15. Larry Greene (OF)
Greene garnered a $1 million bonus from the Phillies last summer, largely because they see some similarities to Ryan Howard in his game. He is a one-dimensional power hitter that has huge raw power to all fields from the left side of the plate. He doesn’t have great hitting instincts or barrel awareness, leaving some scouts to question how much of that power will play in game situations. Though the Phillies are going to give him a shot in the outfield, he will likely end up at first base down the line.

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9 Responses to 2012 Philadelphia Phillies Top 15 Prospects

  1. will says:

    Phillip Aumont is not Lefthanded

  2. Bellman says:

    Altherr and Manzanillo surprised me a bit. I’ve been trying to find a place for Altherr on my top 30 and I was very disappointed in the year he had in 2011. He was my choice at the beginning of the year to make the biggest move in the top 30. I was thinking upward movement not downward movement. Ervis has done well and has been moved up in the organization. I love lefties with good to very good fastballs but he’s flown mostly under the radar. I’ll pay more attention to him now. Roman Quinn over Larry Greene is interesting but without any ABs from either I’m agnostic.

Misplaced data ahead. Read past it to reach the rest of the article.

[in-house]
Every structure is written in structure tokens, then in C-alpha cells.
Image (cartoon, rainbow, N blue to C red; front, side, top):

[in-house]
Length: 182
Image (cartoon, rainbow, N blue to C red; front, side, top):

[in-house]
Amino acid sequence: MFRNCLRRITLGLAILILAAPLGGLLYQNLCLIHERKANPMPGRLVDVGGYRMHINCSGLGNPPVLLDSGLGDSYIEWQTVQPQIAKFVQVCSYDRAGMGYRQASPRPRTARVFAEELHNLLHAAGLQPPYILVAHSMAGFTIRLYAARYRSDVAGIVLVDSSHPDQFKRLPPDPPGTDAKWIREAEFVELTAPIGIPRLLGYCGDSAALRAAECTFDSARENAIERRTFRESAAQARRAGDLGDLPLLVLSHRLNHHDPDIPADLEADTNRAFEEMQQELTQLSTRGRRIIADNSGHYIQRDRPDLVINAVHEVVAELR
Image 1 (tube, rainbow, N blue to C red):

• Mark A. says:

      I’ve seen a lot of Altherr over the last two years and while ranking him where I did is an extreme tools play, I have zero hesitation in doing so. There’s almost no way he wasn’t making it in my Top 15. The obvious question with him is just how much he is going to hit, and that will have a significant effect on the realization of his raw power, but its hard to ignore the four tools that all rate above-average or better with the hit tool still having a chance to be average if he puts it all together in the end.

      With Manzanillo, I was waffling on including him in the rankings and then made some additional last minute calls to scouts to get a reality check on sliding him in the back part of the list. In the end, they convinced me that his raw stuff from the left side is worth the chance in a list like this and that if he puts together even a hint of control, he has a chance to contribute at the big league level.

      With Quinn versus Greene, I’m simply hedging my bet on the guy with a broader tool set and more margin for error. If Greene doesn’t mash, he’s not a prospect. If Quinn doesn’t hit, his speed and defensive potential still keep him on the radar for a while.

  3. Mark A. says:

    I’ve had a lot of questions on Julio Rodriguez on Twitter and e-mail so I figured I’d just toss my thoughts in here….